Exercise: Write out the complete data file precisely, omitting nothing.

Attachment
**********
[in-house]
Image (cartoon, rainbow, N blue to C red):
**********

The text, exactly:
[in-house]
Image (cartoon, rainbow, N blue to C red):